Organic solar cells with near 100% efficiency retention after initial burn-in loss and photo-degradation

Mushfika Baishakhi Upama, Naveen Kumar Elumalai, Md Arafat Mahmud, Heng Sun, Dian Wang, Kah Howe Chan, Matthew Wright, Cheng Xu, Ashraf Uddin

Research output: Contribution to journalArticlepeer-review

Abstract

In this article, we attempt to demonstrate a way of tackling one of the biggest challenges in the path of commercialization of organic solar cells, the initial photo-degradation of the cells known as “burn-in”. The “burn-in” phenomenon is most prominent during the first few hours of device operation under illumination and responsible for losing 25% or more fraction of the initial efficiency. To address this major issue, we have studied photo degradation of inverted organic solar cells with plain Zinc Oxide (ZnO) and Aluminum doped ZnO (AZO) as an electron transport layer over a short time period of 5 h during which the degradation is most severe. The study has been done on two different device structures containing both crystalline and amorphous polymers (Poly(3-hexylthiophene-2,5-diyl) and Poly({4,8-bis[(2-ethylhexyl)oxy]benzo[1,2-b:4,5-b']dithiophene-2,6-diyl}{3-fluoro-2-[(2 ethylhexyl)carbonyl]thieno[3,4-b]thiophenediyl}), respectively). Application of an AZO layer as the electron transport layer resolves the issue of photo-degradation in both cases, regardless of the polymer used in the active layer. AZO layer is found to provide less charge accumulation and better charge extraction at cathode/active layer interface. Mott-Schottky analysis shows modification of cathode interfacial layer work function and enhancement of open-circuit voltage due to the introduction of doped ZnO as electron transport layer. The exaltation persists even after the ageing of the devices. The devices with AZO layer retain their initial efficiency (almost 100%) even after photo-degradation while the device with pristine ZnO layer loses up to 60% of the initial efficiency.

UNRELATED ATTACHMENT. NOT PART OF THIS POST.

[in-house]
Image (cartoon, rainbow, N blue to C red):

Original languageEnglish
Pages (from-to)127-136
Number of pages10
JournalThin Solid Films
Volume636
DOIs
Publication statusPublished - 31 Aug 2017
Externally publishedYes

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